Kurt Mitson was born in Kharagpur, in West Bengal on the 19th April, 1981. His early education was at La Martiniere College for Boys, Lucknow and he later graduated from Pune University. He was married to Banita Mitson. Kurt Mitson served as a Junior School Teacher at Bishop Cotton School from March 2009 till December 2010. He was last working at Don Bosco, Siliguri.
Kurt Mitson passed away on the 9th of May, 2013 at a tender age of 32. He is deeply missed by his wife, mother, sister, brother and other members of the family. He will be remembered with sincere gratitude by all the staff & students at Bishop Cotton School, Shimla.
BY: RAVINDER MAKHAIK
Shimla: Hosts Bishop Cotton School, Shimla (BCS) came out winners at the prestigious annual 18thSlater Debates, pinning down 15 other top schools of the country, with Vasant Valley School giving a tough time in the final round that ended today.
For the final topic ‘Juveniles deserve adult punishment for adult crimes’ had BCS debating it on the affirmative side and Vasant Valley School, Delhi on the opposite side.
Judged from diction, presentation, clarity of topic and other debating parameters Yash Vardhan Singh of BCS was declared the best speaker at the Slater Debates, a little while ago.
Courage in the Face of Adversity award went to Garvit Chaudhary of Pine Grove School, Dharampur and the Most Promising speaker went to Shreya Kohli of La Martiniere Girls, Lucknow.
At one of the semi-final debate rounds held today Yash Vardhan Singh of BCS was 1st, Ankita Niyogi of Sri Ram School was 2nd and Ankit Gongal of BCS was third. The topic of the debate was ‘Bribery is an accepted norm in the contemporary society’.
At the other semi-final debate between Vasant Valley School, Delhi and La Martiniere Girls, Lucknow (LMG) on the topic “Advertising creates artificial needs.” Vasant Valley School won with Namrata Narula and Anjani Gupta securing 2nd and 3rd positions Shreya Kohli of LMG, Lucknow bagging the 1stposition.
Started in 1996 by former headmaster Kabir Mustafi, the Slater Debates are held in honour of Revd. Dr. Samuel Slater was the first headmaster of BCS.
The format adopted is the Cambridge pattern with three speakers for and three speakers against; along with 1 reserve speaker each, to generate a healthy debate on current issues confronting society and the country.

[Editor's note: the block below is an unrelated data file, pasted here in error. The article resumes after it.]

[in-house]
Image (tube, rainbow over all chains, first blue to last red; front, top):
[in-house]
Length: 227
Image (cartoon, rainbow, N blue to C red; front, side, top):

Spread over four days the inter-public school debating exchange helps to facilitate friendship, exchange of views and ideas with a view to foster student inter-action, so that they can gather together and debate in a friendly and competitive spirit, said a BCS spokesman.
Top 16 Schools to slug it out at Slater Debates at BCS Shimla
BY: RAVINDER MAKHAIK
Shimla: Fifteen top schools from India and one from Dubai meet here to trash out debating points, starting Wednesday, at the Slater international inter-school debates hosted by Bishop Cotton School.
The schools participating are Frank Anthony Public School, Delhi, La Martiniere Girls School, Kolkata, Dubai Modern High School, La Martiniere Boys, Kolkata, La Martiniere Girls, Lucknow, Pine Grove School, Dharampur, Modern High School, Kolkata, St. James School, Kolkata, The Assam Valley School, Assam, The Doon School, Dehradun, The Lawrence School, Sanawar, The Vasant Valley School, New Delhi, La Martiniere College for Boys, Lucknow, Auckland House Girls, Shimla and The Sri Ram School, Gurgaon. The lone international school participating in the debate is the Dubai Modern High School.
Based on the Cambridge debate pattern, with three speakers for and three speakers against speaking on a topic as many as 19 topics ranging from abstract to topical would be debated upon over four days by the participants.
Held in honour of the first headmaster of BCS, the Reverend Dr. Samuel Slater Memorial Invitational Inter-school English Debates have acquire a reputation of being amongst the best debating platform for school children since 1996 when top schools began to be invited for it.
Some of the topics slated to be debated upon this time are Using torture to obtain information should be banned, Socialism is dead, Bribery is an accepted norm in contemporary society, Corporal punishment should be reintroduced in school, Indian democracy is nothing but a game of numbers, There are no bad children only bad parents, The media offers a biased outlook on events, A presidential form of government would be better than the current parliament system, Advertising creates artificial needs, New technologies add little to the quality of education and The united nation organization is a toothless lion.
Winners of the last three consecutive debates, La Mariniere Boys’ School, Kolkata have in 17 years been on top in five years (1999, 2002, 2010, 2011 and 2012), the Doon School Dehra Dun have won on three occasions (1996, 1997 and 2007), Mayo College for Girls, Ajmer (2001 and 2009), La Martiniere Girls School, Kolkata (2004 and 2006) and Bishop Cotton School, Shimla (1998 and 2005) have won it on two occasions each and St James School, Kolkata (2000), The Cathedral & John Connon School, Mumbai (2003) and The Rashtriya Indian Military College, Dehra Dun (2008) one time each.
Among those who have witnessed and judged these debates include the former BBC India correspondent Mark Tully and late Mrs Amita Malik, the famous media critic.